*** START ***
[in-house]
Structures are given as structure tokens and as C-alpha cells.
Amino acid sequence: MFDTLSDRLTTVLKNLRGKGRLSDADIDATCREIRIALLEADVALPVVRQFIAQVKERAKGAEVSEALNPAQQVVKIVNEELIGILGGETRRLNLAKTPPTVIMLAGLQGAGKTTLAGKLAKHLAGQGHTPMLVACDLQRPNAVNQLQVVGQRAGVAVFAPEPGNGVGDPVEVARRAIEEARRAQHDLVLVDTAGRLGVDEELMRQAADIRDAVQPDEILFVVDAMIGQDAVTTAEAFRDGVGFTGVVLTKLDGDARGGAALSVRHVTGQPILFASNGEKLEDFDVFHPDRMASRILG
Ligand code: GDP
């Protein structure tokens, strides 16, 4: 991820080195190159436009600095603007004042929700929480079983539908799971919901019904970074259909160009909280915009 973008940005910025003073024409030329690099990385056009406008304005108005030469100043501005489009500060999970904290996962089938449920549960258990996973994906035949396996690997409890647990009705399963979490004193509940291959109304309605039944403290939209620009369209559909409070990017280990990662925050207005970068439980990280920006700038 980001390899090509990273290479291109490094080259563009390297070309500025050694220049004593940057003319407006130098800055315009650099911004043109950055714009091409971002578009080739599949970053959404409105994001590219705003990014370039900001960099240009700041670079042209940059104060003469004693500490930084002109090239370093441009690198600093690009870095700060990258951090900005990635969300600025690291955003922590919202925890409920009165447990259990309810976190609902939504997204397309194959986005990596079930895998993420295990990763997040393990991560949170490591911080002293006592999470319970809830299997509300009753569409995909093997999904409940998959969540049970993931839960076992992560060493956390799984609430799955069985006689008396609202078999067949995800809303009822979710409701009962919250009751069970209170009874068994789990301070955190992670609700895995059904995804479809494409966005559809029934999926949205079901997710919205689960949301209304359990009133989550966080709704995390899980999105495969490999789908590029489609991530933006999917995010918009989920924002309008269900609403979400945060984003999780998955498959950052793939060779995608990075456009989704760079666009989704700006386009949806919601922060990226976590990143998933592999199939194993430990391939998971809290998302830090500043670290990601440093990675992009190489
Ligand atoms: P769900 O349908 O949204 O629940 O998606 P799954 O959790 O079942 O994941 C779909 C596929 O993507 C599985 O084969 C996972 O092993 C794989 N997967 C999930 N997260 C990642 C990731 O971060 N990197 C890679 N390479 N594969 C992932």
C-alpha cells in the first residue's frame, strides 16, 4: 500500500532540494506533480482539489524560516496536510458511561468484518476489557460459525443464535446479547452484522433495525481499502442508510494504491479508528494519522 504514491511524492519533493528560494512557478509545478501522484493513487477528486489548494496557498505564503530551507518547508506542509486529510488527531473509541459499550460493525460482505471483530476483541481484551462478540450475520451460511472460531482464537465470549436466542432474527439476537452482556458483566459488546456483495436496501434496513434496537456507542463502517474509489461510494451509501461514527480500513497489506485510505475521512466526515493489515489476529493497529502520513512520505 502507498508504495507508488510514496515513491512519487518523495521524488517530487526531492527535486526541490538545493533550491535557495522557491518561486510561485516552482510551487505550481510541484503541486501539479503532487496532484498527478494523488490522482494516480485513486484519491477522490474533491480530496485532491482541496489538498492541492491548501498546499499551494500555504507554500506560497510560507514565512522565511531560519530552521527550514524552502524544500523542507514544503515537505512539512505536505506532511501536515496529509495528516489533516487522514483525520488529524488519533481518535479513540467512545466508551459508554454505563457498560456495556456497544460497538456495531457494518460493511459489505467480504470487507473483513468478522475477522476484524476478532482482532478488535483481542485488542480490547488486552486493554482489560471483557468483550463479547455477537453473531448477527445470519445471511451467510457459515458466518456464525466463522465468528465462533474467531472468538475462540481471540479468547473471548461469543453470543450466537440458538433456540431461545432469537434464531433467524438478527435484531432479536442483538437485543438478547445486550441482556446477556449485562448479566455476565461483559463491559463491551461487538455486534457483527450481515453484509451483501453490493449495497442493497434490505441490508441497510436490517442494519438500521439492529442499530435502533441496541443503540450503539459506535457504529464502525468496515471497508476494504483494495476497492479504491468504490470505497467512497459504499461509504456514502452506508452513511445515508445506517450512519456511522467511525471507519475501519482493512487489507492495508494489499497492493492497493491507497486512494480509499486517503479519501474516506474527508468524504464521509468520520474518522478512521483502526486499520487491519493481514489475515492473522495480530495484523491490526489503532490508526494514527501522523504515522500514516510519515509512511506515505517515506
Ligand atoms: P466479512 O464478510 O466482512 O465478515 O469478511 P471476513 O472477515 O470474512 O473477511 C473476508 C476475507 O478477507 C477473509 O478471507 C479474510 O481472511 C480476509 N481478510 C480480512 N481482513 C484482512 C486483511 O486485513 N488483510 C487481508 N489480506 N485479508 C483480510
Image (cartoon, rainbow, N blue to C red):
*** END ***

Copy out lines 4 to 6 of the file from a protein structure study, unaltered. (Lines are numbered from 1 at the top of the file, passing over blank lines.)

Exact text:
Ligand code: GDP
């Protein structure tokens, strides 16, 4: 991820080195190159436009600095603007004042929700929480079983539908799971919901019904970074259909160009909280915009 973008940005910025003073024409030329690099990385056009406008304005108005030469100043501005489009500060999970904290996962089938449920549960258990996973994906035949396996690997409890647990009705399963979490004193509940291959109304309605039944403290939209620009369209559909409070990017280990990662925050207005970068439980990280920006700038 980001390899090509990273290479291109490094080259563009390297070309500025050694220049004593940057003319407006130098800055315009650099911004043109950055714009091409971002578009080739599949970053959404409105994001590219705003990014370039900001960099240009700041670079042209940059104060003469004693500490930084002109090239370093441009690198600093690009870095700060990258951090900005990635969300600025690291955003922590919202925890409920009165447990259990309810976190609902939504997204397309194959986005990596079930895998993420295990990763997040393990991560949170490591911080002293006592999470319970809830299997509300009753569409995909093997999904409940998959969540049970993931839960076992992560060493956390799984609430799955069985006689008396609202078999067949995800809303009822979710409701009962919250009751069970209170009874068994789990301070955190992670609700895995059904995804479809494409966005559809029934999926949205079901997710919205689960949301209304359990009133989550966080709704995390899980999105495969490999789908590029489609991530933006999917995010918009989920924002309008269900609403979400945060984003999780998955498959950052793939060779995608990075456009989704760079666009989704700006386009949806919601922060990226976590990143998933592999199939194993430990391939998971809290998302830090500043670290990601440093990675992009190489
Ligand atoms: P769900 O349908 O949204 O629940 O998606 P799954 O959790 O079942 O994941 C779909 C596929 O993507 C599985 O084969 C996972 O092993 C794989 N997967 C999930 N997260 C990642 C990731 O971060 N990197 C890679 N390479 N594969 C992932």